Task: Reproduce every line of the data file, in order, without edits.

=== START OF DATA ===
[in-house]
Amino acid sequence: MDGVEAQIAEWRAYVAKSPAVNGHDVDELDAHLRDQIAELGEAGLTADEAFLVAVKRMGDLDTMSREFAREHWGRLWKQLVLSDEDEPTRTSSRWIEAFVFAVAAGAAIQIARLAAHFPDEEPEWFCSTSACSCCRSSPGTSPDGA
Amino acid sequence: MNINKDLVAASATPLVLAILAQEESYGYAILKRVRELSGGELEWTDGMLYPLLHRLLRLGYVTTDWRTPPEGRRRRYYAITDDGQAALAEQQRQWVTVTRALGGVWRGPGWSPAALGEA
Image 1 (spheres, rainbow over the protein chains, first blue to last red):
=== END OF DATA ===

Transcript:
[in-house]
Amino acid sequence: MDGVEAQIAEWRAYVAKSPAVNGHDVDELDAHLRDQIAELGEAGLTADEAFLVAVKRMGDLDTMSREFAREHWGRLWKQLVLSDEDEPTRTSSRWIEAFVFAVAAGAAIQIARLAAHFPDEEPEWFCSTSACSCCRSSPGTSPDGA
Amino acid sequence: MNINKDLVAASATPLVLAILAQEESYGYAILKRVRELSGGELEWTDGMLYPLLHRLLRLGYVTTDWRTPPEGRRRRYYAITDDGQAALAEQQRQWVTVTRALGGVWRGPGWSPAALGEA
Image 1 (spheres, rainbow over the protein chains, first blue to last red):